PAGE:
We think that all of the objections of appellant are clearly without merit, many of them for more than one reason. Many are trivial and frivolous. In a number of instances, although appellant was represented by able counsel, who actively endeavored to protect his interests, no objection was made on behalf of appellant. As far as the record goes, a number of them may well be the product of appellant's imagination since there is nothing in the record to sustain them. In a number of instances they relate exclusively to a co-defendant. In none of them, we think, was there any prejudice. We do not therefore consider it necessary to comment on each separate objection specifically but prefer to enumerate and consider these objections under different headings and, when necessary, to give a short explanation for our ruling as to any particular objection.
Numbers 1, 5, 7, 12, 16, 20, 21, 23, and 24. The above objections of appellant must be overruled for the reason that there is no evidence in the record to sustain appellant's contentions in these respects. In addition, we fail to find any record of any objection or motion or even comment by counsel for appellant on any of these questions. As to No. 1, relative to appellant's absence while the trial judge was giving additional instructions to the jury, the charge complained of did not relate in any manner to appellant and there was therefore no necessity of his being present. See cases cited in 23 C.J.S. Criminal Law § 974, p. 306, notes 91 & 92. As to No. 5, there is nothing to show that the State's witness heard the testimony of any other witness. In view of the order of the trial judge barring all other [52 Del. 201] witnesses from the courtroom, it may be presumed, in furtherance of such order, that the corridor door would be closed. Certainly there would be no presumption that the State's witness heard the testimony. As to No. 20, the addresses furnished by appellant were those of a fraternity house and auditorium of the University of Pennsylvania.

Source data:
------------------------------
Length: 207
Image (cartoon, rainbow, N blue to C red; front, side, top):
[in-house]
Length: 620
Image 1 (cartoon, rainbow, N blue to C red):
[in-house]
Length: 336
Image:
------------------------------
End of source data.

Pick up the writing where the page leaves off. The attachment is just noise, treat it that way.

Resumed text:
Numbers 2, 9, 12, 15, 16 and 21. In none of the above objections was any motion made by counsel for appellant at the trial of this case. As to No. 2, appellant's counsel spoke on appellant's behalf before he was sentenced. He may have very well considered it wise not to permit appellant to speak. In any event, no such request was made by either defendant or his counsel. As to No. 9, appellant had the right to inquire as to any connections between any member of the jury and any of the parties or their counsel. But no such request was made. In addition, there is no showing of prejudice. As to No. 16, relating to statements of witnesses for the State not being introduced in evidence, no proof was submitted at the trial or later on a motion for a new trial on the ground of after-discovered evidence. There is therefore nothing before this court. As to No. 21, there is no evidence in the record that any statement was ever excluded and it is specifically denied by the Attorney General's office. It is further stated on behalf of that office that at the time of the trial of this case one or more of the witnesses referred to was in jail in other jurisdictions and not available.
Numbers 6, 12, 14, 18 and 19. The objections referred to here relate exclusively to a co-defendant. They do not refer to appellant in any ...